Tuesday, November 27, 2012

Welcome to Purnia!




A two hour flight from New Delhi to the south east brought the the team to Bagdogra Airport at Siliguri. Miss E managed to snap this shot of the snowcapped Himalayas to their north, even briefly spotting Mt Everest.

Siliguri is still in India yet only 20km from Bangladesh and Nepal, and around 100km from both Tibet and Bhutan. Coming from Australia, being so close to four other countries is quite mind-boggling.




Siliguri is in the Darjeerling district of West Bengal, an area famous for its tea plantations, which are very picturesque, in beautiful shades of vibrant green.




From Siliguri they were driven to Purnia, the home city of our friends. Much of the way was four lane highway which is mostly quite busy with traffic of all sorts.




Note the mobile phone towers in the background.




A town along the way where the highway no longer exists.




At last to their hotel in Purnia which was clean (although no hot water) and served good food. Purnia is a city of around 300,000 people in the northern Indian state of Bihar. Although coming into their winter, the daytime temperatures were around 27C/80F. Like much of India, their summers are very hot.




This is the view from Miss E's hotel window. Can you see the wild pig?




 Zoomed in on a pig at the same spot another day. "Were there many pigs?" I asked.
"Yes, quite a few, but there weren't as many pigs as street dogs and cows," she replied.




This is the view from the front of the hotel - note the internet cafe on the far left - which happened to be closed several days in a row due to a Hindu festival, then a Muslim festival. When open, the connection was unreliable and very slow. This helps explain the great lack of communication with home. One team member had a computer literally blow up in front of her.




On the first morning my husband decided to take a walk around the area. It was all so quiet due to the public holiday. Mostly this "street" was very busy and noisy with cars, bikes, pedal rickshaws and people continually passing through in both directions.




A nearby intersection, again everything is closed due to the holiday. My husband said he had a brief look in the jewellery shop on the left one day (green grills) and they had quality items for sale, including a pair of earrings for $1000 - no he didn't do any shopping there!

A land of surprises and great contrasts. To be continued.....


Sharing at Weekly Top Shot (although taken by my family, not me).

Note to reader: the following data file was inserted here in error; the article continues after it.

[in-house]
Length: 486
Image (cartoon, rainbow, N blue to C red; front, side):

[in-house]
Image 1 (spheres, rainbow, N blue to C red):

20 comments:

Jan said...

Very interesting photos, I am enjoying the journey. Thank you.
Blessings

Haverose said...

Thrilling to be back in India! I have been in the south twice, Tamil Nadu and loved it :-)
Great pictures and love to see more ;)
Happy journey!

Cristina Ferreira said...

Muito interessante, grandes diferenças culturais e contrastes.

Beijos

Cinzia said...

Che differenze abissali ci sono in questo paese!
Cinzia

flowersandhome said...

Your husband and Miss E spent quite some time on planes and airports before finally arriving at their destination. They made memorable pictures though and saw beautiful and surprising parts of the world. With France on our backdoor it is strange to read that it's so special for Australians to be surrounded by four different countries. It is so normal to us. We drive a quarter of an hour and have to start speak another language if we want anyone to understand us. It is so good of you to point us to these little differences we would never ever think of. The differences with India are huge though. It must be such a very special country. The cows in the street, we all know about that but it remains unimagineable almost, and there are wild pigs as well? That I didn't know.
Bye,
Marian

s.c said...

Really a nice picture of how people live in india and then I guess they are good off. Love the last two street shots with the dusty atmosphere.

Rosemary said...

A journey which I am enjoying following through Miss E's photos.
I have always had a desire to visit India, may be I will one day. However, these days, I am not keen on long flights.

Butterbean Row said...

What an interesting trip! what made you think to go to Purnia?

Marina said...

Wow, it is definitely a land of big contrast! First time here, love your blog! :)

Gail Dixon (Louisiana Belle) said...

Wonderful captures, especially the last two. Really gives you an idea of what life it like there. Enjoying this series so much!

Łucja-Maria said...

Hello!
I am charmed by your posts. It is very intersujący.
A photo? they are fantastic!
Yours.

Giga said...

To jednak kraj wielkich kontrastów. Widok uliczek wcale nie zachęca do spaceru. Wydaje mi się, że ludzie tam żyją w ubóstwie. Dziękuję za pokazanie malutkiego kawałka tego kraju. Pozdrawiam.
But this is a country of great contrasts. View streets do not encourage walking. It seems to me that the people there live in poverty. Thank you for showing a tiny bit of the country. Yours.

Marion said...

I follow this with great interest, what a difference to what we are used to!
Marion

geanina said...

very interesting images!

Rick said...

A glimpse into a whole different culture and environment - very interesting shots. Thanks for sharing.

ladyfi said...

Great shots of a whole new kind of reality!

Nancy said...

Loved seeing into the life of this Indian village...thanks for taking us there! Blessings, Nancy

bailey-road.com said...

Fabulous captures!

Costin Comba said...

Wonderful. Great shot. Have a beautiful week.

Madge Bloom said...

What a great series of images... love the wild pig rummaging around the side of the road... Thank you for sharing on Weekly Top Shot #59!

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